Rage Against the Free Sample Machine
‘How many free samples can I have?’
I inwardly sigh, and then reply, ‘Help yourself.’
‘OK thanks.’ The woman proceeds to scoop up the entire contents of the samples box, and pours it into her handbag. ‘I hope he likes them. He can be very fussy sometimes.’
‘You have a good day now,’ I add, through gritted teeth.
The woman turns and happily walks away from our stall, pleased about the bargain she’s just discovered.
A vein throbs furiously in my temple. If I was a cartoon character, I’d have little Hiroshima type mushroom clouds emerging from my ears. I turn to Kat, who is stood at my side, and watched the entire exchange play out.
‘You know, if they have to ask, then -.’ I begin.
‘I know,’ she replies calmly.
‘- and why did she have to take all of -.’
‘I know,’ she repeats again, in a more soothing voice this time.
I throw my hands in the air, frustrated that Kat isn’t sharing my frustration, and move my attention to staring at the back of the woman’s head. My beady eyes are narrowed and focused; my head twitches slightly to the rhythm of the pulsating vein.
Another customer approaches our market stall. She picks up a bag of dog biscuits, and is about to enquire on the cost, when she sees my face.
The biscuits are returned. The customer leaves.
‘Maybe you should sit down,’ Kat suggests.
For some reason, all I can think about is a time several years ago, when one of the temps in work asked how long her 5 minute cigarette break was? Through the haze of anger, I struggle to connect the memory to what just happened, but I’m sure there is something linking the two.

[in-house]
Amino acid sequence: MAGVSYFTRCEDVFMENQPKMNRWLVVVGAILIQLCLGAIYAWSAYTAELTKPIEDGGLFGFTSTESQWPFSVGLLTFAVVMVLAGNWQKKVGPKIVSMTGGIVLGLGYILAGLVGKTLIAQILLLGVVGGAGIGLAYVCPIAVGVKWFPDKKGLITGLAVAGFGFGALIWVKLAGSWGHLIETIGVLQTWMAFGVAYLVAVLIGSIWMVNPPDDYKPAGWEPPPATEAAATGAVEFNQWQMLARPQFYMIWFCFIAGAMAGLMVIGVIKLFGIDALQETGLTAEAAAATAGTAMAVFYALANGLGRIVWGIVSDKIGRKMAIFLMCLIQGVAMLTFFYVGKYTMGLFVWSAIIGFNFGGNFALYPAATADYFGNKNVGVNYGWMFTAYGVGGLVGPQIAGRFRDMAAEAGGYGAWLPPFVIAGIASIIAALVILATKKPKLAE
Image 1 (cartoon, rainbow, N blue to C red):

Another customer approaches. ‘Are these your dogs?’ he asks, gesturing to the photo we have on the table.
A myriad of sarcastic, unhelpful replies flash through my mind. Thankfully, Kat beats me to it, and engages in polite conversation with the friendly customer. Listening to Kat happily chatting away, I’m gradually lifted from my pit of fury. As if to provide a physical demonstration of this, I rise from my seat, and nod along to the conversation about dogs, and how wacky they all are.
These markets aren’t all bad, I think to myself.
I chuckle along to an anecdote, and then even throw in one of my own – something about how much Oshy barks. We all laugh along. The clouds, metaphorical and actual, part. A bright sun warms my face.
Everything is great again.
‘If only you had some samples I could try on my Labrador,’ the customer adds.
I sit back down.
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